Alec Soth's "Sleeping by the Mississippi"

April 09, 2014

Alec Soth is one of today’s most prominent contemporary photographers. His images relate back to the time-old tradition of the road trip, in his first series "Sleeping By the Mississippi," Soth travelled the Mississippi river staying with strangers and photographing particularly odd characters. With his large format camera and intense attention to detail in composition and color Soth subverts the snapshot aesthetic so common to this type of nomadic photographic tradition. The images are highly personal and often show the individuals in relation to things they hold dear or in private spaces, they have a sense of the viewer looking in on some intimate moment that they may be intruding upon. An elder woman with burnt overly straightened white hair with striking blue eyes sits in a stark room for a child adorned only with a princess bed sheet, a man in a suit surrounded by destruction clutches a palm leaf and his bible, a man in a green paint-splattered work outfit stands next to a turquoise house proudly hoisting two model airplanes. All of these portraits begin to bring forth a narrative of a deeper relationship between Soth and the subject; clearly he spends time getting to know these people to more intimately take their picture. These portraits are strengthened by his landscapes, which are equally considered and tend to show a collision between man and nature. Soth walks a fine line between documentary and fine art; he explores the road trip in a heavily considered manner new to the genre.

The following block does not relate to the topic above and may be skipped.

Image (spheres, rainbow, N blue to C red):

Text written by Cole Tracy